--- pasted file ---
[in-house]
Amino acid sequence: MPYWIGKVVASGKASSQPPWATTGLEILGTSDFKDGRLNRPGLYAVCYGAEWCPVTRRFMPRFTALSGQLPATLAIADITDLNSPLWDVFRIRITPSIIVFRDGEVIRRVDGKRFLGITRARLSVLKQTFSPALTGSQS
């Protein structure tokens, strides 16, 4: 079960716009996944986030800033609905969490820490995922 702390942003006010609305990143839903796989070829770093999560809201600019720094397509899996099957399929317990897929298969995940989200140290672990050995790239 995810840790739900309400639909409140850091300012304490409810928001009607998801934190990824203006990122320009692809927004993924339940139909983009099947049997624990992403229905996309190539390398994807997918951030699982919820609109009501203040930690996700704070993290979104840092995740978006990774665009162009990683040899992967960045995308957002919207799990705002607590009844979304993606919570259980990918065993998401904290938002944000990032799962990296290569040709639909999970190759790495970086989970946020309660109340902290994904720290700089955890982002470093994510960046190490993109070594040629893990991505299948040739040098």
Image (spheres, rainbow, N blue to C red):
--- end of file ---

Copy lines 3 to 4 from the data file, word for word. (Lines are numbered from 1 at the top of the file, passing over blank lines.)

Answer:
């Protein structure tokens, strides 16, 4: 079960716009996944986030800033609905969490820490995922 702390942003006010609305990143839903796989070829770093999560809201600019720094397509899996099957399929317990897929298969995940989200140290672990050995790239 995810840790739900309400639909409140850091300012304490409810928001009607998801934190990824203006990122320009692809927004993924339940139909983009099947049997624990992403229905996309190539390398994807997918951030699982919820609109009501203040930690996700704070993290979104840092995740978006990774665009162009990683040899992967960045995308957002919207799990705002607590009844979304993606919570259980990918065993998401904290938002944000990032799962990296290569040709639909999970190759790495970086989970946020309660109340902290994904720290700089955890982002470093994510960046190490993109070594040629893990991505299948040739040098």
Image (spheres, rainbow, N blue to C red):